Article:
Updated Nov. 19, 2009 Citing a provision of the same law used to shut down U.S. charities accused of supporting terrorism, the U.S. Attorney for the Southern District of New York filed an action in federal court on Nov. 12, 2009 seeking forfeiture of more than $500 million in assets of the New York based Alavi Foundation, alleging it is a front for the Iranian government. The property in dispute includes land and buildings that house religious congregations, schools and community programs. However, no action is being taken against these local groups. The action against Alavi, which could result in transfer of title to its assets to the U.S. government, differs from shut down of charities of "blocking" or freezing funds indefinitely.
A Nov. 12 press release from the U.S. Attorney's office says its complaint "alleges that the Alavi Foundation has been providing numerous services to the Iranian Government and transferring funds from 650 Fifth Avenue Company to Bank Melli, a bank wholly owned and controlled by the Government of Iran." Bank Melli was designated by the Treasury Department in October 2007 "for Proliferation Activities and Support for Terrorism" and for providing "banking services to entities involved in Iran's nuclear and ballistic missile programs, including entities listed by the U.N. for their involvement in those programs."
The action is authorized by the International Emergency Economic Powers Act which is also used to freeze assets of charities. However, because asset freeze (or "blocking") does not involve actual transfer of title to the property, the notice and due process rights available to Alavi have not been available to nine U.S. charities Treasury shut down as supporters of terrorism. There is no provision in law for the frozen assets ever to be released, and they have been in legal limbo for several years. (For details see our website.). In contrast, the asset forfeiture process is a court proceeding with due process and rules of evidence.
The complaint against Alavi traces a series of events and relationships it says establish Alavi's ties to the Iranian government, including control of its board of directors by the Iranian Ambassador to the United Nations. The assets subject to the forfeiture claim include a 36-story office building in Manhattan and seven properties located in California, Maryland, New York City, Texas and Virginia. Most of these have mosques located in buildings owned by Alavi, but the U.S. Attorney's office told the New York Times that "There are no allegations of any wrongdoing on the part of any of these tenants or occupants. No action has been taken against any tenants or occupants of those properties."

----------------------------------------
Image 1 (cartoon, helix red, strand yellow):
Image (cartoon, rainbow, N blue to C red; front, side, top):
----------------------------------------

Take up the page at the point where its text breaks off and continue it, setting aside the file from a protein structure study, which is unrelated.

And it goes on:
However, the nonprofits operating out of Alavi buildings were surprised to find notices of forfeiture posted on their doors and media contacting them about the action. The local groups could be "collateral damage" in the case, according to the Miami Herald, which could suffer from loss of financial support from Alavi. On Nov. 13 the judge in the case signed an order (page 1 of order, page 2 of order) allowing seizure of Alavi's bank accounts within ten days.
In a Nov. 13 statement the Council on American Islamic Relations National Communications Director Ibrahim Hooper said, “Whatever the details of the government’s case against the owners of the mosques, as a civil rights organization we are concerned that the seizure of American houses of worship could have a chilling effect on the religious freedom of citizens of all faiths and may send a negative message to Muslims worldwide.”
In a joint statement Muslim Advocates and the Islamic Society of North America (ISNA) said they "are concerned about the continued operations of the affected mosques and Muslim institutions in the event that forfeiture proceeds. Like other houses of worship in America, mosques serve communities and families whose lives would be deeply disrupted by their closure. …ISNA and Muslim Advocates ask that the government not deny communities the valuable services provided by mosques that authorities have publicly stated are blameless in the asset forfeiture case against the Alavi Foundation."